March 27, 2011


Buckeyes are a favorite candy from Ohio, named after the horse-chestnut tree, or buckeye. These candies are made from balls of a peanut butter center dipped close to the top to resemble the buckeye nut. The trick to these is getting just the right consistency to the peanut butter center. If too little is used, the centers won't be firm enough and won't hold shape. If too much is used, the centers will be too crumbly. This was the first time I had made them and they were definitely a hit on the Christmas plate of goodies. The recipe below comes from my "Chocolates and Confections" book by Peter Greweling and makes approximately 5 dozen. Enjoy!

1 cup Peanut Butter, smooth
8 Tbsp Unsalted Butter, soft
1 tsp Vanilla Extract
3 cups Confection Sugar, sifted
1 lb Dark Chocolate, melted, tempered

1. Line 2 sheet pans with parchment paper.
2. Cream together the peanut butter, butter and vanilla extract in a mixer fitted with a paddle attachment on medium speed.

3. Add the confectioner’s sugar slowly until the mixture forms a workable dough. Add up to ½ cup more sugar if necessary.

4. Remove the mixture from the machine.

5. Using a teaspoon, scoop out balls of the buckeye mixture and place the portions on the sheet pans.

6. Using your hands, roll the portions into round balls 1 ¼ inches in diameter, then return to the sheet pan.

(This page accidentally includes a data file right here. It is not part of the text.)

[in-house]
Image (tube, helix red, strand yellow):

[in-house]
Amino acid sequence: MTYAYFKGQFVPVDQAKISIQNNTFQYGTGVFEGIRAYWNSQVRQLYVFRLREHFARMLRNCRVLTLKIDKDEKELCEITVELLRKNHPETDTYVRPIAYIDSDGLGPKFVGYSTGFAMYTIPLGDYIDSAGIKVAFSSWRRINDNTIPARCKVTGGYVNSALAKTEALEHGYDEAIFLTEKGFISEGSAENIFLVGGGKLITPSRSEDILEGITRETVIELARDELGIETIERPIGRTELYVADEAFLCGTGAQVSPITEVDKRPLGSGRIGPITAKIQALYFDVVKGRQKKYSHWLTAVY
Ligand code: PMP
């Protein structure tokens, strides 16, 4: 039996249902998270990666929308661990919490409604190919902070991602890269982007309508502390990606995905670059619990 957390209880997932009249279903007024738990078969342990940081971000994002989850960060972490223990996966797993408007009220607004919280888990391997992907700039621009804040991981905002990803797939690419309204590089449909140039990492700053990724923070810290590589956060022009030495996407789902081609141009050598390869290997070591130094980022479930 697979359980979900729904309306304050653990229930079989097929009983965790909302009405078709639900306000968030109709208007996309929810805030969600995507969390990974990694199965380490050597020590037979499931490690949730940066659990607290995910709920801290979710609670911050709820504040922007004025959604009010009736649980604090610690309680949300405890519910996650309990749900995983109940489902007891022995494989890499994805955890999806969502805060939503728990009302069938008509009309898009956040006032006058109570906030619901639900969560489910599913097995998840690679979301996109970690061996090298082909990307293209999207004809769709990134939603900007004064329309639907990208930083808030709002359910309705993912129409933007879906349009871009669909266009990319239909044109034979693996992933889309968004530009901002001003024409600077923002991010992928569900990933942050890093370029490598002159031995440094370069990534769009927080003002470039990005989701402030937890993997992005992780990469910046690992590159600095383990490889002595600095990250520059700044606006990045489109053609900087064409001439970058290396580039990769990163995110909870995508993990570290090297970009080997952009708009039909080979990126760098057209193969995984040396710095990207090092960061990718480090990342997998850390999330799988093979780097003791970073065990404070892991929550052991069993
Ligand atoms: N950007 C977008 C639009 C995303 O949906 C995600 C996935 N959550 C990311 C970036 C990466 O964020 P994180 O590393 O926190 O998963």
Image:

7. Chill the formed buckeyes for approximately 20 minutes.
8. Impale each buckeye lightly with a toothpick to use as a handle for dipping chocolate.
9. Holding a buckeye by the toothpick, dip it in the tempered chocolate, leaving a ½ inch circle of the center uncoated on top.

10. Place on a prepared sheet pan.

11. Remove the toothpick and smooth the small hold on top of the candy.
12. Allow the chocolate to set completely.
13. Store at room temperature, tightly sealed.

March 21, 2011

Citrus Confit

A "Confit" is derived from an ancient method of preserving meat by salting and cooking and then storing it in its own fat which acts as a preservative. That method is followed using fruit and sugar in this recipe which comes from my "Chocolates and Confections" book by Peter Greweling. I grew up loving these treats and used to get them from time to time from Boehms Candy shop in Issaquah, WA. I tried making them once before but the recipe didn't work so thankfully this one did and they came out just as I had remembered them; slightly chewy, strong citrus flavor, sweet and nicely balanced with the chocolate covering. I took the recipe below and julienned the quarters which yielded over 100 pieces, and then dipped them in tempered chocolate. My one mistake was mixing lemon and orange quarters together in the syrup mixture. The lemons took on the orange color so in the future I'll do either oranges or lemons in a batch. Enjoy!

5 Oranges, Lemons or Grapefruits
3 Cups Sugar
2 Cups light Corn Syrup
2 Cups Water